PPT On 8085 Microprocessor Architecture
Presentation Transcript:1. The 8085 Microprocessor Architecture
2. The 8085 and Its Busses
The 8085 is an 8-bit general purpose microprocessor that can address 64K Byte of memory.
It has 40 pins and uses +5V for power. It can run at a maximum frequency of 3 MHz.
The pins on the chip can be grouped into 4 groups:
Control and Status Signals.
Power supply and frequency.
3. The Address and Data Busses
The address bus has 8 signal lines A8 – A15 which are unidirectional.
The other 8 address bits are multiplexed (time shared) with the 8 data bits.
So, the bits AD0 – AD7 are bi-directional and serve as A0 – A7 and D0 – D7 at the same time.
During the execution of the instruction, these lines carry the address bits during the early part, then during the late parts of the execution, they carry the 8 data bits.
In order to separate the address from the data, we can use a latch to save the value before the function of the bits changes.
4. The Control and Status Signals
There are 4 main control and status signals. These are:
ALE: Address Latch Enable. This signal is a pulse that become 1 when the AD0 – AD7 lines have an address on them. It becomes 0 after that. This signal can be used to enable a latch to save the address bits from the AD lines.
RD: Read. Active low.
WR: Write. Active low.
IO/M: This signal specifies whether the operation is a memory operation (IO/M=0) or an I/O operation (IO/M=1).
S1 and S0 : Status signals to specify the kind of operation being performed .Usually un-used in small systems.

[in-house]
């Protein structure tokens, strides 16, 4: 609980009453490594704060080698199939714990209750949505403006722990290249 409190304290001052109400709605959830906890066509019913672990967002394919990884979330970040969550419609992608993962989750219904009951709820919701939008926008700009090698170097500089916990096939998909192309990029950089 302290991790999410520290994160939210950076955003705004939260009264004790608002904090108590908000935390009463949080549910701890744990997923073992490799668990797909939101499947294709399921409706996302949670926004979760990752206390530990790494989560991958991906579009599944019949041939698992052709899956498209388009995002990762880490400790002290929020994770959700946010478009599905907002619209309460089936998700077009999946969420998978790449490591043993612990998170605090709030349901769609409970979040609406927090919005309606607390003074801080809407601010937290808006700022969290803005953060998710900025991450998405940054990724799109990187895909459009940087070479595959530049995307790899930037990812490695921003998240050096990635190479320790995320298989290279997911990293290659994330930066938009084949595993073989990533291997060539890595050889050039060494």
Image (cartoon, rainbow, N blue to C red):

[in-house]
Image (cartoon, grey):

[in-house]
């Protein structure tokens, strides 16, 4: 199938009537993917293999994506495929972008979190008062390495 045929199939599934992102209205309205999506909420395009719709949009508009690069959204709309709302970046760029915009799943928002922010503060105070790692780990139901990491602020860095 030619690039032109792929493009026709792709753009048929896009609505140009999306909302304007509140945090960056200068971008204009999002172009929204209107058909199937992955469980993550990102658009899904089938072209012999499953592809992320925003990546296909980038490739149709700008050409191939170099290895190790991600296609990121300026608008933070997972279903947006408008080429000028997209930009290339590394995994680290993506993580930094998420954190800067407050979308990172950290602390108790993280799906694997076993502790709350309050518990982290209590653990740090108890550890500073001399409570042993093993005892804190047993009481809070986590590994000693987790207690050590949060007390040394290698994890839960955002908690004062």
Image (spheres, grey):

5. Cycles and States
From the above discussion, we can define terms that will become handy later on:
T- State: One subdivision of an operation. A T-state lasts for one clock period.
An instruction’s execution length is usually measured in a number of T-states. (clock cycles).
Machine Cycle: The time required to complete one operation of accessing memory, I/O, or acknowledging an external request.
This cycle may consist of 3 to 6 T-states.
Instruction Cycle: The time required to complete the execution of an instruction.
In the 8085, an instruction cycle may consist of 1 to 6 machine cycles.
6. A closer look at the 8085 Architecture
Previously we discussed the 8085 from a programmer’s perspective.
Now, lets look at some of its features with more detail.
7. The ALU
In addition to the arithmetic & logic circuits, the ALU includes the accumulator, which is part of every arithmetic & logic operation.
Also, the ALU includes a temporary register used for holding data temporarily during the execution of the operation. This temporary register is not accessible by the programmer.
8. The Flags register
There is also the flags register whose bits are affected by the arithmetic & logic operations.
The sign flag is set if bit D7 of the accumulator is set after an arithmetic or logic operation.
Set if the result of the ALU operation is 0. Otherwise is reset. This flag is affected by operations on the accumulator as well as other registers. (DCR B).
This flag is set when a carry is generated from bit D3 and passed to D4 . This flag is used only internally for BCD operations. (Section 10.5 describes BCD addition including the DAA instruction).
After an ALU operation if the result has an even # of 1’s the p-flag is set. Otherwise it is cleared. So, the flag can be used to indicate even parity.
9. Memory interfacing
There needs to be a lot of interaction between the microprocessor and the memory for the exchange of information during program execution.
Memory has its requirements on control signals and their timing.
The microprocessor has its requirements as well.
The interfacing operation is simply the matching of these requirements.
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